“In the early American colonies and later the ever-expanding frontier, hunting was important to survival; but it was fear of Indians mostly that there was at least one blunderbuss in every home. And this persisted down through the years. Even as late as 1973 when the American Indian Movement occupied the village of Wounded Knee, many whites in a wide area surrounding Pine Ridge and other reservations drove around in their pickup trucks displaying racks of weaponry in the rear windows. Although it has always been in manly vogue to carry hunting rifles in their pickups, some of the guns were assault rifles that wouldn’t have left much of a carcass for dinner.”
If Loughner made previous threats but was allowed to buy and own a gun, it's a further indictment of Arizona's loose gun culture. Perhaps that was your point: that conservatives let gun nuts own guns.
If so...yes, I agree that conservatives are to blame for that reason too. Stupid conservative gun nuts, that is, who can't read the words "well-regulated" in the 2nd Amendment.
To sum it up, conservatives slash mental health budgets. Conservatives let nuts carry guns. And conservatives tell the crazies whom to shoot at.
What to do about it
Here's what should happen but probably won't:
A Flood Tide of Murder
By Bob Herbert
Ordinary citizens interested in a more sane and civilized society would have to insist that their elected representatives take meaningful steps to stem the violence. And they would have to demand, as well, that the government bring an end to the wars overseas, with their terrible human toll, because the wars are part of the same crippling pathology.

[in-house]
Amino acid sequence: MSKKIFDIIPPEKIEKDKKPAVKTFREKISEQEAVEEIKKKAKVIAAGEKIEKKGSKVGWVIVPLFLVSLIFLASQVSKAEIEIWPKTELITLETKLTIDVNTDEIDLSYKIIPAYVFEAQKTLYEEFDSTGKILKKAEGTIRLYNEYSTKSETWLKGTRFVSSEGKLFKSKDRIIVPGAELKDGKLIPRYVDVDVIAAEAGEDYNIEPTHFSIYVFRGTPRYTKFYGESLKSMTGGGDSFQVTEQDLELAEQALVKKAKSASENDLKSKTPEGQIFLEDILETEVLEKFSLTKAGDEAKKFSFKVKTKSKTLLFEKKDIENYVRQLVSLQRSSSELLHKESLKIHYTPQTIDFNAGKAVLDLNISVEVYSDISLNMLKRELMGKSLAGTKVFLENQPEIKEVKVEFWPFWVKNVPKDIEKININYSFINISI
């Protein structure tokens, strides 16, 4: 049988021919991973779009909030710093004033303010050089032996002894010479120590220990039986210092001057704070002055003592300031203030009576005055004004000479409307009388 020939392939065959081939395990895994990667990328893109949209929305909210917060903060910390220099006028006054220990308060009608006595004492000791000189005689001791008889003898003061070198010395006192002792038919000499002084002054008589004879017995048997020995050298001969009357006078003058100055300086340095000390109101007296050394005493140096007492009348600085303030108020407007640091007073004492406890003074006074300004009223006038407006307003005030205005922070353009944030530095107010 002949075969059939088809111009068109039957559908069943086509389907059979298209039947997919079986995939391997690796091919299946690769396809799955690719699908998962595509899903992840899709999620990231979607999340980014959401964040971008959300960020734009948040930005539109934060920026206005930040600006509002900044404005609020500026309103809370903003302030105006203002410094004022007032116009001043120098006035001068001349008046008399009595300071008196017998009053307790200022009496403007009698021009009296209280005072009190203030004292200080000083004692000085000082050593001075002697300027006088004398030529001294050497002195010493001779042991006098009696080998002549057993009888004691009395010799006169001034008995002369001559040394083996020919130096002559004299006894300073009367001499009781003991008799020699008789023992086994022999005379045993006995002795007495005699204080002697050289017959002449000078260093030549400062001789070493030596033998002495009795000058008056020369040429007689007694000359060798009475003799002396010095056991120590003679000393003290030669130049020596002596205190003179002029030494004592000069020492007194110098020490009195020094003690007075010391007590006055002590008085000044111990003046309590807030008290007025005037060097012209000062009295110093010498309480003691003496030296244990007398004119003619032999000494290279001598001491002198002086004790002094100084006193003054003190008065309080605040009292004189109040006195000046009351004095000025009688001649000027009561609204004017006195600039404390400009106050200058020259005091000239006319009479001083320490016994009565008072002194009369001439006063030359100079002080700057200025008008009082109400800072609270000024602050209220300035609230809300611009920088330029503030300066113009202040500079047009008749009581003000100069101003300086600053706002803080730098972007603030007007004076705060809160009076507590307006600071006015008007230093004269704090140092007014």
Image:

Without those very tough steps, the murder of the innocents by the tens of thousands will most assuredly continue.
I wouldn’t hold my breath. The Gabrielle Giffords story is big for the time being, but so were Columbine and Oklahoma City. And so was the anti-white killing spree of John Muhammad and Lee Malvo that took 10 lives in Maryland, Virginia and Washington, D.C., in October 2002. But no amount of killing has prompted any real remedial action.
For whatever reasons, neither the public nor the politicians seem to really care how many Americans are murdered—unless it’s in a terror attack by foreigners. The two most common responses to violence in the U.S. are to ignore it or be entertained by it. The horror prompted by the attack in Tucson on Saturday will pass. The outrage will fade. The murders will continue.
For more on media violence, see The Evidence Against Media Violence and Highlights of the FTC Report on Media Violence. For more on guns, see Why Americans Keep Killing and Gun Nuts vs. Indians. For more on the Giffords shooting, see Loughner Echoes Right-Wing Extremists and Debating Loughner's Influences.